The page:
- Richard Branson soars above the New Mexico desert on Sunday as part of Virgin Galactic’s first fully-crewed test flight to space
- Reaching a height of 86 kilometres, the crew experienced a few minutes of microgravity before gliding back to Earth
- Virgin Galactic says it has at least two more test flights planned for the next few months ahead of beginning commercial operations next year
- Already, 600 wealthy would-be citizen astronauts have also booked reservations, with tickets priced at roughly US$250,000 (A$334,000) each
- Branson has said he ultimately aims to lower the price to around US$40,000 (A$53,500) per seat
Richard Branson soared above the New Mexico desert on Sunday aboard his Virgin Galactic rocket plane, before safely returning to Earth as part of the vehicle’s first fully-crewed test flight to space.
One of six Virgin Galactic employees to be strapped in for the ride, Branson heralded the mission as a precursor to a new age of space tourism, with the company he founded in 2004 set to begin commercial operations next year.
“We’re here to make space more accessible to all,” Branson, 70, said shortly after landing. “Welcome to the dawn of a new space age.”
Space industry executives, future customers and other well-wishers attended the festive launch, which was live-streamed and hosted by late-night television comedian Stephen Colbert.
The white spaceplane was carried on the underside of the dual-fuselage jet VMS Eve — named after Branson’s late mother — from Spaceport America, a state-owned facility near the town of Truth or Consequences, New Mexico.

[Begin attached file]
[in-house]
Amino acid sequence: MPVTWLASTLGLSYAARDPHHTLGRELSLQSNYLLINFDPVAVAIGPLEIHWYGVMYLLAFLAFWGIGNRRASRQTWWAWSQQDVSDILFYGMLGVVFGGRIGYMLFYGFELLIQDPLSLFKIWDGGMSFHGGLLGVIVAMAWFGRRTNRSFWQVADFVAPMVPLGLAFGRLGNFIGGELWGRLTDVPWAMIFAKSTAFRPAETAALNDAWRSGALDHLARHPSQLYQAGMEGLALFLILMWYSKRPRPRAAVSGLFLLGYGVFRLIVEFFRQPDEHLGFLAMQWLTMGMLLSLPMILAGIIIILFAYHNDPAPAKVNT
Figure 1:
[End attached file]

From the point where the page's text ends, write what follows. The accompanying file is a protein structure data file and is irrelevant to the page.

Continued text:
Reaching its high-altitude launch point of 46,000 feet, the VSS Unity passenger rocket was released from its mothership before flying straight upward at supersonic speed to a height of 86 kilometres.
The crew then experienced a few minutes of microgravity as the spaceplane shifted to re-entry mode and began a gliding descent back to the spaceport’s runway. The entire flight lasted only around an hour.
Virgin Galactic said it has at least two more test flights planned for the next few months ahead of beginning commercial operations next year. One of those flights will carry four Italian astronauts-in-training, according to CEO Michael Colglazier.
Already, 600 wealthy would-be citizen astronauts have also booked reservations, with tickets priced at roughly US$250,000 (A$334,000) each. Branson has said he ultimately aims to lower the price to around US$40,000 (A$53,500) per seat as Virgin Galactic ramps up its service.
Colglazier said he envisions building a fleet large enough to accommodate around 400 flights each year at the spaceport.
The success of Branson’s flight gives the flamboyant businessman bragging rights in a rivalry with fellow billionaires Jeff Bezos and Elon Musk, who are also planning expeditions to low-altitude space with their own ventures.
Bezos, who founded Blue Origin, will fly aboard his suborbital rocket ship, New Shepard, later this month.
However, Blue Origin has disparaged Virgin Galactic as falling short of a true spaceflight experience. Unlike Unity, the New Shepard tops the 100-kilometre-high mark, known as the Kármán line, which was set by an international aeronautics body as the official boundary between Earth’s atmosphere and space.
“New Shepard was designed to fly above the Kármán line so none of our astronauts have an asterisk next to their name,” Blue Origin said in a series of Twitter posts on Friday.
That said, both NASA and the US Air Force define an astronaut as anyone who has flown higher than 80 kilometres.